As Supercommittee Games End, Some Bets on Future of Health Care
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At the start of this Thanksgiving week, Washington is gridlocked in all the expected places: the beltway, grocery aisles and — most of all — in Congress. Late Monday afternoon, the panel charged with cutting $1.2 trillion from the federal deficit officially announced defeat.
So we decided to keep the predictions flowing by asking Mary Agnes Carey of Kaiser Health News to give us her best guesses on how much the health care industry will change in the post-supercommittee world.
Executive summary: Buckle up for more of the same unless Republicans win big in 2012. Then all bets are off.
What’s the likelihood these automatic cuts will actually go forward in 2013?
MARY AGNES CAREY: (Chances are 2 out of 5) Not very likely. It’s 2011, we have another whole year, an election and a lame-duck session for Congress in 2012. That’s plenty of time to reverse an automatic cut if, in fact, that’s what we end up with. And there will be a lot of resistance around those automatic cuts. Of course for Medicare, the cuts would be limited to providers and limited to 2 percent, and Medicaid would be exempt. But a hospital, for example, would get a two percent cut on top of payment reductions in the health law. And they would say, “2 percent is way too much for us.”
What are the chances of a major overhaul of Medicare in the next few years?
CAREY: (Chances are 1 out of 5) I think we’ll see a lot of focus on cost containment for the program. Of course, in the health law there are several demonstration projects and projects designed to change the incentives in Medicare. But I think you’ll see more of a focus of linking payments to the quality of care provided, and trying to do things a little differently than they are now. For much of the fee-for-service program, that’s the traditional Medicare program, a lot of providers are paid by the service. And a lot of players in Medicare want to shift that away to have more a focus on the overall care delivered, how that can contain the cost, how you can change the incentives, especially with so many millions of baby boomers coming into the program. That discussion is ongoing now.
Any time you talk about changing Medicare, it’s a politically volatile topic. Let’s not forget that seniors are a very strong voting group. And the provider groups that serve the Medicare beneficiaries — the hospitals, the doctors, the pharmaceutical companies, the durable medical equipment providers and so on — these are really strong constituencies that work together to stop any major cuts in Medicare.
What are the chances Medicaid will be majorly overhauled in the next few years?
CAREY: (Chances are 2 out of 5) Any major changes would be strongly opposed by Democrats, by President Obama, by the groups that serve the Medicaid beneficiaries. Medicaid enrollment has gone up during the recession, and there had been additional federal funding that stopped this year to help governors meet those costs. But the biggest pushback to major cuts to Medicaid is that advocates would say, “Now we’re expanding the program in 2014 with the health law. Why would you want to reduce the roles now? Why would you want to kick people off the program now? They’ll just come back sicker in 2014.” So I think there will be a very strong pushback against that as well.
What are the prospects for major changes to other areas of the health care industry in the years ahead — programs that conduct research and prevent disease, for example?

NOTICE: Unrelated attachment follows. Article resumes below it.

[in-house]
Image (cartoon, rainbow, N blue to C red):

CAREY: (Chances are 2 out of 5) The sequester protects Medicare providers, so hospitals and physicians are limited to 2 percent cuts. Medicaid is shielded from cuts in the sequester. But, if you limit certain groups to two percent, then to make your cut, you’ve got to go after other programs that could get hit more severely. For example, funding for public health — for the Centers for Disease Control and Prevention, funding for medical research, funding for HIV-AIDS. In particular, I’m talking about the Ryan White program that provides a lot of assistance to people to help them get life-saving medication. Funding for disease prevention. Those are areas that could really get hit in 2013, so I think you’ll see a lot of players across the spectrum in health care lobbying Congress really hard to stop those cuts. But there’s a lot of political power behind a lot of these groups. They’re very organized, they know how to push their issues. They understand that there’s pressure on lawmakers to control spending, but they also have strong constituents and they know how to make their message on Capitol Hill.
Some of the proponents of these programs could argue they’re cost effective to provide this care, and not providing it will simply drive up health spending in other areas. So they’ll make their cost-benefit analysis for sure.
How likely are we to start containing costs in the coming years?
CAREY: (Chances are 2 out 5 for the immediate future; Chances are 3 out of 5 for the next 10 years) That is a great question and it’s one of the hardest ones to answer. We’ve spoken to all sorts of health analysts who’ve said this is unavoidable, that we have to change the conversation, we have to change the incentives. And growing federal deficits are certainly making the case to control costs, as health care costs in the public and private sectors continue to grow. As those pressures increase, the counter pressure to control costs will still be there.
But it will call for major changes from every part of the health care system — from the people who provide the care to the people who receive the care. Those pressures aren’t going away, and will force people to look at the health care system in a different way and try different things with the hope that you can contain costs.